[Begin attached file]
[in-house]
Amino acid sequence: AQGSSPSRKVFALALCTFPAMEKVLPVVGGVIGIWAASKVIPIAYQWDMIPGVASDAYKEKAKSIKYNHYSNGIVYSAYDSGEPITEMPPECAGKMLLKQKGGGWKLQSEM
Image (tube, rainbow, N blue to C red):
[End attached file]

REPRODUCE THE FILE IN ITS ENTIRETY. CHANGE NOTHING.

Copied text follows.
[in-house]
Amino acid sequence: AQGSSPSRKVFALALCTFPAMEKVLPVVGGVIGIWAASKVIPIAYQWDMIPGVASDAYKEKAKSIKYNHYSNGIVYSAYDSGEPITEMPPECAGKMLLKQKGGGWKLQSEM
Image (tube, rainbow, N blue to C red):